3. Addiction is a Brain Disease, and it Matters
  4. Alan I. Leshner - Reprinted from: Science, 278, 45-47, 1997

  5. Neurobiologic Advances from the Brain Disease Model of Addiction
  6. Nora D. Volkow, George F. Koob, and A. Thomas McLellan – Reprinted from New England Journal of Medicine, 374, 363-371, 2016

  7. Time to Connect: Bringing Social Context into Addiction Neuroscience
  8. Markus Heilig, David H. Epstein, Michael A. Nader and Yavin Shaham – Reprinted from Nature Reviews Neuroscience, 17, 592-599, 2016.

  9. Drug Addiction: Updating Actions to Habits to Compulsions Ten Years on
  10. Barry J. Everitt and Trevor W. Robbins , B. - Reprinted from Annual Review of Psychology, 67, 23-50, 2016.

  11. Is Addiction a Brain Disease? The Incentive-Sensitization View
  12. Kent Berridge

  13. Addiction is a Brain Disease (But Does it Matter?)
  14. Gabriel Segal

    Section II: Against the Brain Disease Model of Addiction

  15. Introduction to Section II
  16. Sally Satel, Nick Heather, Antony Moss and Matt Field

  17. Giving the Neurobiology of Addiction No More Than its Due
  18. Wayne Hall, Adrian Carter & Cynthia Forlini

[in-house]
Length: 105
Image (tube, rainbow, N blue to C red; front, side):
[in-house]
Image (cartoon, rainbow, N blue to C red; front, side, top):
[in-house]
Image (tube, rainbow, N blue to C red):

19. The Brain Disease Model of Addiction: Is it Supported by the Evidence and has it Delivered on its Promises?
  20. Wayne Hall, Adrian Carter and Cynthia Forlini – Reprinted from Lancet Psychiatry, 2, 105-110, 2015.

  21. Brain Disease Model of Addiction: Why is it so Controversial?
  22. Nora D. Volkow and George Koob - Reprinted from Lancet Psychiatry, 2, 677-679, 2015.

  23. Brain Disease Model of Addiction: Misplaced Priorities?
  24. Wayne Hall, Adrian Carter & Cynthia Forlini - Reprinted from Lancet Psychiatry, 2, 867, 2015.

  25. Addiction and the Brain-Disease Fallacy
  26. Sally Satel and Scott O. Lilienfeld – Reprinted from Frontiers in Psychiatry, 4, 141, 2014.

  27. Recovery is Possible: Overcoming ‘Addiction’ and its Rescue Hypotheses
  28. Derek Heim and Rebecca L. Monk

  29. Superpower Rivalry, the American Grand Narrative, and the BDMA
  30. Bruce K. Alexander

  31. My Brain Disease Made Me Do It: Bioethical Implications of the Brain Disease Model of Addiction
  32. Frederick Rotgers

  33. Addiction is a Human Problem but Brain Disease Models Divert Attention and Resources Away from Human Level Solutions
  34. Richard Hammersley

  35. Before "Rock Bottom"? Problem Framing Effects on Stigma and Change Amongst Harmful Drinkers